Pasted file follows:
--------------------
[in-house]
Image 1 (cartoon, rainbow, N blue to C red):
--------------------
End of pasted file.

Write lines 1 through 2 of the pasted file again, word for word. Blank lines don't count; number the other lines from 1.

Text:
[in-house]
Image 1 (cartoon, rainbow, N blue to C red):